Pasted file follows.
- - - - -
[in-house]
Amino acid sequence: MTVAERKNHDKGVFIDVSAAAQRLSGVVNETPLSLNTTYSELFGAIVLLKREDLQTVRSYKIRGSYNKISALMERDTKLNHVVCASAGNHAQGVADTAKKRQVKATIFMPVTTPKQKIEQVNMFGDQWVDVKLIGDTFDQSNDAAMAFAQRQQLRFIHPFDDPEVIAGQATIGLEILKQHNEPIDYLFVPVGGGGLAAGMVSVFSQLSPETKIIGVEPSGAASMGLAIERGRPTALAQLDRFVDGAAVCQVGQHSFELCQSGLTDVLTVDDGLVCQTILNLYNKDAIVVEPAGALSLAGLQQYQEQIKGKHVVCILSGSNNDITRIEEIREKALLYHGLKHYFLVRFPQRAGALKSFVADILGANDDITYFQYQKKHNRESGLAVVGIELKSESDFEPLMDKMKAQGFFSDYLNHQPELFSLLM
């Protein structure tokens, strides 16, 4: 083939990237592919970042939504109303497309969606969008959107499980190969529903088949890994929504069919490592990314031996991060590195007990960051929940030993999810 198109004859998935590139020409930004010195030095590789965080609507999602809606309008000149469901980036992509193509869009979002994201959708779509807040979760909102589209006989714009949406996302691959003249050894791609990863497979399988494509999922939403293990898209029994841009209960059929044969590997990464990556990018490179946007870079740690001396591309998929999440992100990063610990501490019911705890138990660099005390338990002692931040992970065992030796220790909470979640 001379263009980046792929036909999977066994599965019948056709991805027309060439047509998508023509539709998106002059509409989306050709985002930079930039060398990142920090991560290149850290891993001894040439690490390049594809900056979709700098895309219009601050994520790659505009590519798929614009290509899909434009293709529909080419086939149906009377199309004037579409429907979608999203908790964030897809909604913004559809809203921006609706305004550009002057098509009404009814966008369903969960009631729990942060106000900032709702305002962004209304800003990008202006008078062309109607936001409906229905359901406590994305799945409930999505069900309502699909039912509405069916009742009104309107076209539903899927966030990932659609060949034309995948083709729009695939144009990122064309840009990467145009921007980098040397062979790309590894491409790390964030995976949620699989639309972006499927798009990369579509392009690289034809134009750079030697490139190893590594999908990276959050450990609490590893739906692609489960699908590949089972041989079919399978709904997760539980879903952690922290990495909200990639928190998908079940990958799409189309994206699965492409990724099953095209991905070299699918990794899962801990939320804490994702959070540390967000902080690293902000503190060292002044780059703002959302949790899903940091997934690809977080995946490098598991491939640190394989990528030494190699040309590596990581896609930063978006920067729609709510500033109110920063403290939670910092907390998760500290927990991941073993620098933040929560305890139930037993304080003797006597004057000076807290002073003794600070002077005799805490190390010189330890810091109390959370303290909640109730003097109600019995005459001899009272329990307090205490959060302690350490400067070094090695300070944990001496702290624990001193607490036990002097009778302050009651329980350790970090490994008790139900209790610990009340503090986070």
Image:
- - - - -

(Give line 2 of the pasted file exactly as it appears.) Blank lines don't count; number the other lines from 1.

Amino acid sequence: MTVAERKNHDKGVFIDVSAAAQRLSGVVNETPLSLNTTYSELFGAIVLLKREDLQTVRSYKIRGSYNKISALMERDTKLNHVVCASAGNHAQGVADTAKKRQVKATIFMPVTTPKQKIEQVNMFGDQWVDVKLIGDTFDQSNDAAMAFAQRQQLRFIHPFDDPEVIAGQATIGLEILKQHNEPIDYLFVPVGGGGLAAGMVSVFSQLSPETKIIGVEPSGAASMGLAIERGRPTALAQLDRFVDGAAVCQVGQHSFELCQSGLTDVLTVDDGLVCQTILNLYNKDAIVVEPAGALSLAGLQQYQEQIKGKHVVCILSGSNNDITRIEEIREKALLYHGLKHYFLVRFPQRAGALKSFVADILGANDDITYFQYQKKHNRESGLAVVGIELKSESDFEPLMDKMKAQGFFSDYLNHQPELFSLLM